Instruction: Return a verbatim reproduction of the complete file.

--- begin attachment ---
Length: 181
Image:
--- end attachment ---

Length: 181
Image: